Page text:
Sep. 9, 2019

Do you have cash that is being retired?

Image Source: Bank of Canada

Do you have cash that is being retired?

Spend it, redeem it, or add it to your collectibles.

On January 1, 2021, the Government of Canada will remove the legal tender status from the $1, $2, $25, $500 and $1,000 bank notes, that are no longer being produced.

You will always be able to bring them in to Fusion

“These bills will still hold their face value, but you won’t be able to use them to pay bills or buy things,” says Kelly Brook, Chief Financial Officer, Fusion. “If you have any of these bills that you want to redeem, you will always be able to bring them in to Fusion, or send them to the Bank of Canada to redeem their face value.”

Every bank note issued by the Bank of Canada since they opened in 1935 is still redeemable at its face value. Technically, until January 2021, you can use a 1935 $25 bank note when you go shopping or pay a bill and it is worth $25. In fact, some bank notes, especially the rare ones, are worth more than the number on their face to collectors.

The Government of Canada now has the power to remove legal tender status from bank notes — something it could not do before.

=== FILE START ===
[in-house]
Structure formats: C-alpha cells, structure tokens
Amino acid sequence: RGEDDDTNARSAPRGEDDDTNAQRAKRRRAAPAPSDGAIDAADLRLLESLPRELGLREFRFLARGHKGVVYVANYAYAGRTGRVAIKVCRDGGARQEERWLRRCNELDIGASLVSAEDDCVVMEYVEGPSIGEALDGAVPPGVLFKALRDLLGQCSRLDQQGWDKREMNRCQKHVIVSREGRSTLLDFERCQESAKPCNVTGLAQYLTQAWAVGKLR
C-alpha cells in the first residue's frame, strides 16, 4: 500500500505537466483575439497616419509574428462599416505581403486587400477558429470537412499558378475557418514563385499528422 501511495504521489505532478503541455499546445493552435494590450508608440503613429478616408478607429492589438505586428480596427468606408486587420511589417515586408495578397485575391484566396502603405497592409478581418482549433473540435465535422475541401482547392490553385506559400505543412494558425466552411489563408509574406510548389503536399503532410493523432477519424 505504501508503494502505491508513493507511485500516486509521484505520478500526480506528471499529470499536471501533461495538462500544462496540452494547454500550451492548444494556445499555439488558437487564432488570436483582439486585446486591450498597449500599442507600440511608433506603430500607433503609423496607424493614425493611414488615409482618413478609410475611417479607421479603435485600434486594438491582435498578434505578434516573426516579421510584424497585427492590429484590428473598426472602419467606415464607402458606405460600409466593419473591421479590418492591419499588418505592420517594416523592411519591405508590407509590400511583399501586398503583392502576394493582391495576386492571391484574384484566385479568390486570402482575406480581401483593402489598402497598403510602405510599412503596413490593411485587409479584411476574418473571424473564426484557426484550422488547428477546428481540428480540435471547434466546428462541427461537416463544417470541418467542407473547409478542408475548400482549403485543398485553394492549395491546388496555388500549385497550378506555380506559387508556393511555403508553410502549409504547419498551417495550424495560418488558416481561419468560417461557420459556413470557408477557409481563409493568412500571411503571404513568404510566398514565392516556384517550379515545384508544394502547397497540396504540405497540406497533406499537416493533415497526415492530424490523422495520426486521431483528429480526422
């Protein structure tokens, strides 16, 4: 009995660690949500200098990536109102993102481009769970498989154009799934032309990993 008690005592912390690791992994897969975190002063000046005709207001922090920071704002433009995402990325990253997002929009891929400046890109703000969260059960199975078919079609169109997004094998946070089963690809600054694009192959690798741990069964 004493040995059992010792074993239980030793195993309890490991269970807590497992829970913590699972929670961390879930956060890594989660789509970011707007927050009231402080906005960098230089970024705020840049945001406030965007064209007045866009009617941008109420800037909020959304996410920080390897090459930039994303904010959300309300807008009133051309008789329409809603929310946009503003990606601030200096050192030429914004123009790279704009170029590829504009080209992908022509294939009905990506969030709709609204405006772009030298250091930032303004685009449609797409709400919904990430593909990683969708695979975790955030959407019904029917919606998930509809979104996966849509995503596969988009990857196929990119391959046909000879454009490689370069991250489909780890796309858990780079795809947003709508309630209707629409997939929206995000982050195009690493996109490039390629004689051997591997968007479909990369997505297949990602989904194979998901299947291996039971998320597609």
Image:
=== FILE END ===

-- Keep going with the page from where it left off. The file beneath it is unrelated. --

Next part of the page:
“Bank notes issued by the Bank of Canada, together with coins issued by the Royal Canadian Mint, are what is known as ‘legal tender’. That’s a technical term meaning the Government of Canada has deemed them to be the official money we use in our country. In legal terms, it means “the money approved in a country for paying debts,” adds Kelly.

“Today, money takes many different forms: credit cards, debit cards, cheques, and contactless payments using mobile devices. You can pay with any of these forms of money, even though they are not considered ‘legal tender’. In fact, anything can be used if the buyer and seller agree on the form of payment. So ‘legal tender’ has little impact on our everyday lives.

The Bank of Canada says that removing ‘legal tender’ from the old bills keeps the bills that are in circulation current. Newer bank notes have better security features that make them difficult to counterfeit, and they are in better condition overall.

So, which bills are being removed from legal tender?

  • The $1 and the $2 notes stopped being issued in 1989 and 1996, respectively, and were replaced with coins.
  • The $25 note was a commemorative note. Both it and the $500 note were discontinued shortly after they were issued in 1935.
  • The $1,000 note stopped being issued in 2000.

“For now, the government has indicated it has no plans to take any other bank notes out of circulation,” adds Kelly. But with this new legislation, they will be able to remove other notes in the future as needed. If that happens, we will keep our members informed.